The Yearling, 1946, should come with a disclaimer: "Animals were offed in the making of this so-called classic, which incidentally is shown regularly on Turner Classic Movies." And The Yearling isn't the only one. There's also Old Yeller and let's not even talk about Bambi.
These are the bring-downs of all time since in each one, an adorable animal is "killed", and why? So we can learn a life-lesson. So children can pick up some tips about "coming of age", though if they're like me, they're more likely to run screaming from the theatre and bear the trauma for life.
What was the point of these exercises in sadism?
Suppressed feelings perhaps, if you note the time when they were made. There was a cold war going on that you could feel even domestically. Toughness made you good. Kids could be kids but only up to a point and not for too long. And nothing could spell out the death of innocence like the death of an animal — the cuter the better. It's funny kittens didn't come in for it.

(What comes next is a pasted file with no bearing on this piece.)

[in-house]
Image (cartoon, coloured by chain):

But there is a stunning exception to the use of animals as propagandistic devices in Leos Janacek's opera, The Cunning Little Vixen from 1924.
This has everything — talking, singing, dancing animals, gaiety, sadness, exquisite music that seems to have come from the very forest, and tears that have been earned.
— Lloyd Dykk